Voluntary simplicity, the homestead edition


Keeping farm animals is a full-time job.

Even when it's only your hobby.

It's a day-and-night 24/7-365 gig. Like having a dog. Or more accurately (in our case) twenty-seven dogs. It's a tiny bit like parenting, except it's an opt-in/opt-out arrangement.

And we knew all of this going in. In theory anyway.

We knew that homesteading doesn't stop or lessen because you have the flu or because you want to go on vacation or because there's a flood or a blizzard a driving freezing rain. Often it just amps up under these conditions. There are no breaks, no vacations, no days off.

But four years ago this was the life that we wanted. We were all in.


And then ever so slowly, so subtly, life changed.

Sage was ten when we moved here; Lupine had just turned six. But today they're different people. And in a way, I suppose, so are we.

And what made sense four years ago started to make less and less sense today. 


I love these goats. I really do. 

And that made our decision that much more difficult. But we realize that we were trading family time for farm time. And childhood felt like something that was slipping through our fingers. How finite it is felt more and more clear.


And so last week we made the difficult decision to re-home our goats.

We still have too many sheep, a couple of cows, some rabbits, and an unreasonable number of chickens and quail. But the goats were more fragile and required a lot more attention than our other more hardy animals.

And honestly, they were the greatest source of worry for me. Births were harder, finding adequate pasture for them to stay healthy on was harder, keeping them alive and strong was harder. And my love for them was deeper so the stakes were that much higher.

Which meant deciding to let them go was that much harder, too.

If you've never made friends with a goat, know that they are hands-down the friendliest farm animal you'll ever meet. (There is a reason we could never bring ourselves to butcher a single one.) And because of this our goats became our pets, and a herd of pets on top of everything else – well, it proved to be just a little too much.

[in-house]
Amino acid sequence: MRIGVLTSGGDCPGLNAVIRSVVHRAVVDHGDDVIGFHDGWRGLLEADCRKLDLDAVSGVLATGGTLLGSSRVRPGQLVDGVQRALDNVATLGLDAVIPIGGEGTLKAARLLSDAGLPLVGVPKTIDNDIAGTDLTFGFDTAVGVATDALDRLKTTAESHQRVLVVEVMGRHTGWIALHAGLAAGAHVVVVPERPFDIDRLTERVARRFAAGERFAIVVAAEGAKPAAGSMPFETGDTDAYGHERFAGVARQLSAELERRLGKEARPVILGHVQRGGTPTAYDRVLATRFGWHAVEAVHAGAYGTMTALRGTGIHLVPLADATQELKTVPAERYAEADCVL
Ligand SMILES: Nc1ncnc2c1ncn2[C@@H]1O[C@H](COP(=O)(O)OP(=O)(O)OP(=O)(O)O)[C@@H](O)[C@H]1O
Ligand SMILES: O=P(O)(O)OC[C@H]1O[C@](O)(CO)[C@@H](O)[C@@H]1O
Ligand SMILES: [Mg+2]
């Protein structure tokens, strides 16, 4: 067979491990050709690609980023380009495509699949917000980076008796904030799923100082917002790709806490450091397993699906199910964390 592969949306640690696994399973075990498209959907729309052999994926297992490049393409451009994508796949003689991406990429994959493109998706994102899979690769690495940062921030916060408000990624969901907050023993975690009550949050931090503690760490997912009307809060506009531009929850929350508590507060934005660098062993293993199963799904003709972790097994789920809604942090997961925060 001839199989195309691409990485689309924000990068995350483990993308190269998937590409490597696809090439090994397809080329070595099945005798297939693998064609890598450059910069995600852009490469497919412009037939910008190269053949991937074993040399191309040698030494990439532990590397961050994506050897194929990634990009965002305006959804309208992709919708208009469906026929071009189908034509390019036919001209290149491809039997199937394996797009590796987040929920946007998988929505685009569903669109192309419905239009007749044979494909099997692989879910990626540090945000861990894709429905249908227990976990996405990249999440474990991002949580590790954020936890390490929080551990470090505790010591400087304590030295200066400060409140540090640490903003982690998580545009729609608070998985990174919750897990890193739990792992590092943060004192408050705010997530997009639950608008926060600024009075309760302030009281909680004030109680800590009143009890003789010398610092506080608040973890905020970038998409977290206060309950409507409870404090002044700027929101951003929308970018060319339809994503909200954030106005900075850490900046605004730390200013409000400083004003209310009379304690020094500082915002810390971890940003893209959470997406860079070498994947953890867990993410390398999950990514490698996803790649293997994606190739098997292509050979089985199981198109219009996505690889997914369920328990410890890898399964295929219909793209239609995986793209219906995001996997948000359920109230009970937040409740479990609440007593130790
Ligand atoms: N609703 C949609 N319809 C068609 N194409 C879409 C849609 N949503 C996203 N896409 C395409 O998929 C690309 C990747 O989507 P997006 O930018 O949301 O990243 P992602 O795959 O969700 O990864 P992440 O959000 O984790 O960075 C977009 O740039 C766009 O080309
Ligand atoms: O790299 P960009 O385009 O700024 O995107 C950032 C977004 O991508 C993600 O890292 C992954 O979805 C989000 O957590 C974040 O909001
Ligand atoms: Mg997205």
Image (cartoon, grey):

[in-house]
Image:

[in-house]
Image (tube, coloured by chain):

And so our decision was made. 


And then on Sunday, just like that, they were gone.

Before they were picked up I went to the barn to be with them one last time. To apologize. To have one last round of goat snuggles. To tell them I loved them and I was so glad for the years that we have shared.

Births, deaths, milking, mischief. So much love for these animals.

And then it was over. As quickly as it had begun.


Are we done with goats? No, I can't imagine we are. But we're putting family before farm at the moment, because that's what feels right right now. After Sage is grown I imagine that Lupine, Pete, and I may decide to raise goats again. Because this girl love her goats, and is the best goat midwife I've ever known. 


But even she was ready.

Ready to say goodbye to goats so that our family can have more time together. We're downsizing our flock of sheep as well, back to what we intended all along – a small fiber flock, with a few lambs to help feed our family each year.

It's voluntary simplicity, the homestead edition. Choosing family over farm.

I think it's the best decision we could have made. But it certainly wasn't the easiest.

Not by miles.


As it turns out this farming thing doesn't even get easy when you choose for it to end.  


Please be gentle and kind with your comments today, friends. This is very tender for me right now. Thank you for understanding.



18 thoughts on “Voluntary simplicity, the homestead edition

  1. Val says:

    It’s very hard to make choices like this. And sometimes even harder to realize that you need to make that choice. I’m sure we’re all proud of you for being able to have the insight to know this will be the best for everyone.

  2. Erin says:

    Farm hugs to you all. We recently made the decision to re-home our Jersey cow. We will be getting a few dairy goats in place of her, but saying goodbye to our Bess is something I’m not looking forward to. Even on the days she is being annoying, jumping ditches, holding her milk up, unlocking gates… She is still a part of our family and my heart will ache when she leaves us in another month or so.